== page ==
Great with cocktails and a few other things.
When my parents were still living I always knew when we visited in the fall I would be taking home pecans; 200# was the most I ever took home. I would have them cracked while there and knew it would take me a couple of months of shelling them before I was done for the year and we would have a freezer full to last me through all the catering events. One year, I waited a little too long to finish shelling and the pecans were in plastic bags and not a breathable mess bag so I had to dump them outside. There were so many pecans that it took the squirrels about 2 months to take them away. Guess by the time they were finished they claimed me as a friend for life. Now, why do I still like those pesky little critters.
I will always remember when we were visiting at the right time of the year, with a yard full of pecans (they had about 6 trees), we would walk around the yard with my mother or dad picking up pecans. Now, to me, that is the most relaxing times I can remember. Picking up pecans are like searching for those hidden Easter eggs we looked for as kids. Walk, talk, stoop, pick up, talk, walk and it was a great way of finding out things going on in their lives. Way before, I’m sure, someone invented a pecan picker-upper. My dad took a pole and attached a “slinky” to it and he would push it down on the pecan and the slinky would pick it up and when the slinky was full enough it would get dumped in a bucket. I really miss those moments and I cannot look at a pecan in a shell and not think of their place in Tennessee. We always thought our dad was a renaissance man and one day I’m posting all the remarkable things I remember about him.
I no longer get those pecans so when I do have some given to me by my sister, I hoard them and use sparingly.
There are a lot of savory nut recipes out there and one of my favorites is The Best Bar Nuts in NYC that was printed in a Union Square Cookbook. I love those but the recipe below I use only pecans when making it and they are so easy to make. These can be eaten as is or chop and put in a salad. The original recipe I started with did not have the sugar; I decided to add it to add a little sweetness to use in my salad.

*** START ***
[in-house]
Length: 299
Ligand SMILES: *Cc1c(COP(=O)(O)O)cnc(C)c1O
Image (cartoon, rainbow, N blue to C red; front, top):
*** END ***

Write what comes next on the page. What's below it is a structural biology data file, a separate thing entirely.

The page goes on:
Here are some things I have done recently with these nuts; I’ve put them in my Christmas salad, I’ve eaten them for a snack and for my Downton Abbey Tea I chopped them up and put them in some olive spread for a little tea sandwich.
BLAST FROM THE PAST: Zucchini Tomato Boats is a recipe I posted back in 2013. If you are looking for some vegetable recipes to start the year with, give this a try; it was a really good side dish.
Savory Spiced Pecans
4 cups (1 pound) pecans halves
1/3 cup (5 1/3 tablespoons) unsalted butter, melted
2 teaspoons Worcestershire sauce
3 Tbsp. brown sugar (optional)
1 1/4 teaspoons kosher salt
1/2 teaspoon garlic powder
1/2 teaspoon ground mustard
1/2 teaspoon Tabasco sauce, or to taste
1/4 teaspoon cayenne pepper, or to taste
Preheat oven to 300°F. Place the pecans in a large mixing bowl. In another bowl, whisk together the melted butter, Worcestershire sauce, salt, garlic powder, ground mustard, Tabasco, and cayenne. Pour the butter mixture over the pecans and stir until well combined. Taste a pecan and add more Tabasco or cayenne if desired.
Arrange the pecans on a large sheet pan and bake for 20-22 minutes until toasted and lightly browned, stirring halfway cooking time to prevent burning. Remove from the oven and cool completely, tossing occasionally, before transferring to an airtight container.